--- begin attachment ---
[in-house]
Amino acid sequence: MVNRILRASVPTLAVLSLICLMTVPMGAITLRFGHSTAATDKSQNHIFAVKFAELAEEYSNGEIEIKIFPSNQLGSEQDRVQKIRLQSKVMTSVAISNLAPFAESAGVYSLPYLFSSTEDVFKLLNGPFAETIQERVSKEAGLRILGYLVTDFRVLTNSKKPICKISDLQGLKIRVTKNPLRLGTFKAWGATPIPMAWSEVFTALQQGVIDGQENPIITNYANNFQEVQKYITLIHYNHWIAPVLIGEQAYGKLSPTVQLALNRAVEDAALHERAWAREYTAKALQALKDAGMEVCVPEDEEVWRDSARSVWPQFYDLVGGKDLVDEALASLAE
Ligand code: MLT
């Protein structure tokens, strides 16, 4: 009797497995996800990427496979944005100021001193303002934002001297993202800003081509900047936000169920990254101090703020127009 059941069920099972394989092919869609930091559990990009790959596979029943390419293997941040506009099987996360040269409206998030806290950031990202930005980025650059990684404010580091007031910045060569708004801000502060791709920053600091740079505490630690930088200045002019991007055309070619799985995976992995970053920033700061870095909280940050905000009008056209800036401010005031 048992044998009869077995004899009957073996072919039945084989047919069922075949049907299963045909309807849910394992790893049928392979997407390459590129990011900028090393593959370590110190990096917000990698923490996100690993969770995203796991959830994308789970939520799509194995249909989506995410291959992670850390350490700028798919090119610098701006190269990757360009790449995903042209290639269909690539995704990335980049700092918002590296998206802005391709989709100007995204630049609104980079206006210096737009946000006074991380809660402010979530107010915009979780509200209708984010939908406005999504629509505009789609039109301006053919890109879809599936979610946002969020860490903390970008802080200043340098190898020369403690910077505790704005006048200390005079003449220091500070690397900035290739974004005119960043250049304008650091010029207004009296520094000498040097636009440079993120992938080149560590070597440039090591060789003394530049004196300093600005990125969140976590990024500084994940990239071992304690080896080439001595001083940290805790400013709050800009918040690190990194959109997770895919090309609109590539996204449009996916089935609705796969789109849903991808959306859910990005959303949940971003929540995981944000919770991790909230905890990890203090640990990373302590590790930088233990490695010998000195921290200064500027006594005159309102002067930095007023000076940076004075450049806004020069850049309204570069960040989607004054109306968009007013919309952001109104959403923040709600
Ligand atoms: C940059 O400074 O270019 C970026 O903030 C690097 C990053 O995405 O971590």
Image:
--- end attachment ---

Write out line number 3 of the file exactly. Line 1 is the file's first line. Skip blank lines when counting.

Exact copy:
Ligand code: MLT